She is an innocent and simple girl. When the play opens, she is gallivanting in the street, unconscious of the fact that her Grandpa is lying dead and cold upstairs. She is unable to understand all that is going on in the house. She goes upstairs to take the bunch of keys per instruction of her mother. When she comes back she is scared and exclaims emotionally that Grandpa is getting up. She fails to understand the trick of her parents. She simply calls it stealing. When Mrs. Slater say that Grandpa went out for depositing the premium. Victoria tells her at once that he did not go into town this mourning.

Loves Grandpa:
Victoria has great love for her Grandfather. When the old man enters the room and sits in an armchair, everyone is unhappy. Only Victoria is happy to see his Grandpa alive. She sits on the floor at his feet.

Very Obedient:
She is very obedient. When her mother forbids her to move about in the street and change her dress, she at once puts on her white frock with a black sash. She remains quiet and does not open the door while her parents are shifting the table from the old man’s bed-room. She keeps the secret of her parents to herself. Although she fears and hesitates entering the bedroom of Grandpa, yet she obeys her mother and goes upstairs to fetch the bunch of keys.

She is very intelligent. When her parents bring down the bureau of Grandpa, she at once understands that they are stealing. She asks her mother why she is doing so. She observes everything but keeps her mouth shut. When her mother and aunt are quarreling, she does not interrupt.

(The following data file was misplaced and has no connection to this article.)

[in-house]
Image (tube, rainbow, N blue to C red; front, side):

Abel Merry weather is the father of Elizabeth and Amelia. He is clad in a faded but gay dressing gown. He is wearing stockings. Although he is over seventy yet he is healthy. He bright, malicious eyes twinkle under the heavy reddish-grey eyebrows.

He is a homeless person. He first lives with his daughter, Elizabeth and then resides with his other daughter, Amelia. He is neglected by both of them. Ben calls him “The drunken old beggar. His daughters think him a burden and do not want to keep him with them.”

He is drunkard. One night he drinks Mrs. Slater thinks he is dead. Everybody is in mourning when he gets up.

He is humorous fellow. He is loving a carefree life. He talks in funny ways. He always takes things lightly. At the end of the play. He extends an invitation to both of his daughters and both of his sons-in-law to attend his marriage ceremony.

Hs is a romantic fellow. He has the ability to fall in love and marry a widow at the age of seventy-two. He is a jolly old fellow and goes to the Ring-o-Bells which is a public place.

A Wise Man:
He knows that neither of his daughters wants to keep him in her house. They are only after his things. That is why he decides to change his will, get married to a widow who keep a public place. In they way, he wants to punish his mean and greedy daughters by depriving them of what he will leave after him. He enjoys at the cost of the confusion of his daughters and sons-in-law by putting ridiculous questions and passing funny remarks. He decides to pay the premium.

Loving Grandpa:
He loves his granddaughter, Victoria and grandson, Jimmy from the core of his heart. He has promised to give his gold watch to Jimmy. When the gets up Victoria sits on the floor at his feet.

A Glutton:
He goes on eating while the others look at him with surprise. At the end of the play, he is busy in eating when his daughters are exposed. I think he believes in epicurean way of life, i.e. “Eat drink and be marry.”